Interpreting Your Abandonment Score
10-19 Very low. This lifetrap probably does not apply to you.
20-29 Fairly low. This lifetrap may only apply occasionally.
30-39 Moderate. This lifetrap is an issue in your life.
40-49 High. This is definitely an important lifetrap for you.
50-60 Very high. This is definitely one of your core lifetraps.
If you have the Dependence lifetrap, life itself seems overwhelming. You feel that you cannot cope. You believe that you are incapable of taking care of yourself in the world, and that therefore you have to turn to other people for help. It is only with such help that you can possibly survive. At the core of your experience of dependence is the sense that it is a constant struggle to fulfill the normal responsibilities of adult living. You simply do not have what it takes. It is a feeling of something lacking, of inadequacy. An in image that captures the essence of dependence is that of a small child who feels that suddenly the world is too much and starts crying for mommy. It is a feeling of being a small child in a world of adults. Without an adult to take care of you, you feel lost.
Your typical thoughts reflect your sense of incompetence: “This is too much for me,” “I can’t handle my responsibilities.” Other typical thoughts reflect your fear of abandonment–your fear that you will lose the people upon whom you are most dependent: “What would I do without this person?,” “How will I get by on my own?” These thoughts are usually accompanied by a sense of desperation and panic. As Margaret says, “There are so many things I can’t do. I have to have someone there to do them for me.” You dwell on this necessity. It drains a great deal of your mental energy. You plot and scheme to be sure someone will be there. Left on your own, you have a global sense of everything being overwhelming.
You often betray a complete lack of trust in your own judgement. You have little sense of your own ability to make good judgements. Difficulty trusting your own judgement is a core feature of dependence. You are indecisive.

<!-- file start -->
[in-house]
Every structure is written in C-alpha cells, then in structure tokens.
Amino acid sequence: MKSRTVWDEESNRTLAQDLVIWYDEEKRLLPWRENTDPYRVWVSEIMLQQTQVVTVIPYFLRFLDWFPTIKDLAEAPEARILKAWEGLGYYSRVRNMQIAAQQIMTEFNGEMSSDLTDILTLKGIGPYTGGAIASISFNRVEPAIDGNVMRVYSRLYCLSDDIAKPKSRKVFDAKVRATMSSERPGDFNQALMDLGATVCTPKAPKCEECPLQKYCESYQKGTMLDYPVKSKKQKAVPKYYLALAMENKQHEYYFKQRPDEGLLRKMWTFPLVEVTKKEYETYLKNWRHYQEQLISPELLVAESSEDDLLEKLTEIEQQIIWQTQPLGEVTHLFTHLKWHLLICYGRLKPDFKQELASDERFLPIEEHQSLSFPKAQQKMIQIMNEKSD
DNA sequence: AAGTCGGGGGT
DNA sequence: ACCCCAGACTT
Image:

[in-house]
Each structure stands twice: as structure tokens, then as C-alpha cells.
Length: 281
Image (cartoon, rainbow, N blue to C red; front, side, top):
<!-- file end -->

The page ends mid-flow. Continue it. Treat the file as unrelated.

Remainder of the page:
When you have a decision to make, you solicit the opinions of others. In fact, you probably rush from person to person seeking advice. You change your mind a hundred times. The whole process just leaves you confused and exhausted. If you finally manage to make a decision, you have to keep asking for reassurance that your decision was right.
Alternatively, you might seek the advice of one person in whom you have great confidence, and rely solely on that. That person is often a therapist. In the beginning of therapy, our dependent patients always try to get us to make their decisions for them. This is not always easy to resist. Because it can be so painful for us to watch a patient vacillating endlessly, it is tempting to jump in and make the decision. We have to try hard to resist this temptation because it really does not help these patients. It increases their dependence on us, when the goal of therapy is their eventual independence.
It is your lack of faith in your judgement that makes you so afraid of change. Your confidence is low in new situations, because you have to rely on your own judgement. In situations that are familiar to you, you have already gotten the judgements of other people and you have already established some knowledge of the best approach to take. But when you confront a new situation, unless you have someone to advise you, you have to rely on your own opinions, and you do not trust those.
We would like to say that your sense of incompetence is more imaginary than real, but unfortunately this is often not the case. Often dependent people lack competence exactly because they have so successfully avoided the tasks of adulthood. They have gotten other people to do these tasks for them. This avoidance leads to some realistic deficits in skills and judgement. However, most dependent patients exaggerate their incompetence. They doubt themselves more than the situation warrants.
When you consistently act in ways designed to keep people doing things for you, you are surrendering to your lifetrap. Having people do things for you reinforces the idea that you are not capable of doing these things on your own and keeps you from developing a sense of competence. However, it is almost certainly true that, if you were living on your own, you would eventually be able to learn the things that are required for competence in daily living. Your dependence is one large untested hypothesis. You have never found out that you actually can function alone.
Escape is another way of reinforcing your lifetrap. You avoid the tasks you believe are too difficult for you. There are certain tasks dependent people commonly avoid. These include driving, attending to financial matters, making decisions, taking on new responsibilities, and learning new areas of expertise. You avoid breaking apart from a parent or a partner. You rarely live alone or travel alone. You rarely go to a move alone or out to eat alone. By continually running away from these tasks, you confirm your sense that you cannot accomplish them on your own.
Dependent people do not like change. They like everything to stay the same.